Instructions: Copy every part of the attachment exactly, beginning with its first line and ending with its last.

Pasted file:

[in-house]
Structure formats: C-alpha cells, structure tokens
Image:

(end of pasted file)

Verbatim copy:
[in-house]
Structure formats: C-alpha cells, structure tokens
Image: